Authors: Harsha Anantharaman*, University of Minnesota - Minneapolis
Topics: Political Geography, Urban Geography
Keywords: Urban, India, Activism, Waste-picker, Bureaucracy
Session Type: Paper
Start / End Time: 5:20 PM / 7:00 PM
Room: Studio 7, Marriott, 2nd Floor
Presentation File: No File Uploaded
Waste-pickers’ labor, crucial to the daily functioning of Indian cities (Gidwani & Maringanti 2016) is rarely recognized as such. For over a decade political struggles over waste-picking in Chennai have centered on demands for livelihood security, an end to police harassment and recognition as workers, in the form of state issued identity cards with little success.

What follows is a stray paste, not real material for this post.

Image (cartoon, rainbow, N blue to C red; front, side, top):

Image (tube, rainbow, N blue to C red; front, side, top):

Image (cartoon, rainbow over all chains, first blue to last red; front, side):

However, in 2014, Identity cards emerged as a real possibility when the demand was re-presented with the aid of cutting edge methods including GIS mapping that were increasingly favoured by the state. Reflecting on my experiences as an activist campaigning for identity cards, I detail how the deployment of methods favoured by the state – what Cindi Katz (2001) might call a “counter topography” opened many doors, some of them trap doors. The adoption of a collaborative, rather than confrontational stance helped waste-picker issues penetrate bureaucratic decision-making circles and access resources of the state machinery. This culminated in camps to register 1,000 waste-pickers for identity cards. However, the eventual stalling of the identity cards initiative and reflections on the process point to the limitations and risks inherent to this mode of political change-making. Collaboration effectively deradicalized our ability to make demands of the state, instead creating dependence on individual state actors and their shifting agendas. The risks associated with the continued life of data collected for specific purposes also remain ever present.